Wednesday, March 04, 2009

Two cheers for Nineveh

At this moment, when the stock market has fallen faster than in the early thirties and we've learned in new detail that for eight years we lived under a President who authorized himself to abrogate the First and Fourth Amendments and unilaterally violate any law or treaty he chose, what's to feel good about?

This: our political system is working again. Has worked. Over two elections, we threw the bums out. The political safety nets held -- for the present. Collectively we lost a quarter of our worldly wealth. But we have our (political) health.

Thinking about the resilient if slow-moving wisdom of the electorate, I find Jonathan Chait's unsentimental view of how democracy works oddly reassuring:
Rush Limbaugh is drawing some ridicule for saying, "One thing we can all do is stop assuming that the way to beat [the Democrats] is with better policy ideas." But I think he's basically right. Good ideas are meritorious. But being meritorious isn't what wins elections. Most voters have only the faintest idea what policy ideas candidates advocate when running or implement when in office. External conditions (such as the economy, but war and scandal matter also) have much more influence over which party wins...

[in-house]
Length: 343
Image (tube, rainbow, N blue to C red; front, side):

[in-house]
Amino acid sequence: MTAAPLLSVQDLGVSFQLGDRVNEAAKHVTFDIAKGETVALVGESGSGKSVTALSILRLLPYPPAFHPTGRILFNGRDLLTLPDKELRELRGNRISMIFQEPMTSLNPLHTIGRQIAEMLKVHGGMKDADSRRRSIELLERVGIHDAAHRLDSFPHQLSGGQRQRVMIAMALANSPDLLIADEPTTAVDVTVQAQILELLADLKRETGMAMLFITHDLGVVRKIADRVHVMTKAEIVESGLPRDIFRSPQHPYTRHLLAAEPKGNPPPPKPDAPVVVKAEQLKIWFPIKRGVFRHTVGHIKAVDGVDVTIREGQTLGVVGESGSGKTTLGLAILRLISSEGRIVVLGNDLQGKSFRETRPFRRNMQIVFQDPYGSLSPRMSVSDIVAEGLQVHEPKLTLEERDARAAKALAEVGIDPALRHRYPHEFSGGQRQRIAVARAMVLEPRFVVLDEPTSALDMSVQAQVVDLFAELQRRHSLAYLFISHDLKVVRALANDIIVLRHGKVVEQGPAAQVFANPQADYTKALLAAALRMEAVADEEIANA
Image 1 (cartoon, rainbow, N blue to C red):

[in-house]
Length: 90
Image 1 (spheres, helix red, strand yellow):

I think it's pretty clear that the Democratic comeback since then has had next-to-nothing to with developing "new ideas" and almost everything to do with Republican failure, the state of the economy, and a really effective presidential nominee. yes, Democratic ideas proved more popular, but they really were the same basic ideas the party had advocated for years.
Democracies are not immune from extended periods of misgovernment. They are resilient, and adaptive, because unless misgovernment erodes (or crushes in one fell swoop) the basic machinery of choice, they retain the ability to self-correct. And that ability swings not on the ideologies that juice the agents of power but on the cold, hard facts to which those ideologies are answerable.

Sometimes events do mow down the wrong guy, or even the right guy for the wrong reasons -- a recession falls unluckily, a helicopter crashes in the desert. And I think Chait's wrong to the extent that bad ideas, gussied up with slick Rovian sophistry and smears, can sway the swing voters at times. You can fool all of the people some of the time, and a bare majority for a bit longer. Electorates make mistakes. But eventually, the facts break through.

If America is a shining city on a hill, it's not Jerusalem (thank God!). It's Ninevah. We know how to repent, and change course.

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